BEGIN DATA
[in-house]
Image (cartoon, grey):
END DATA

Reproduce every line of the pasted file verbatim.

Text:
[in-house]
Image (cartoon, grey):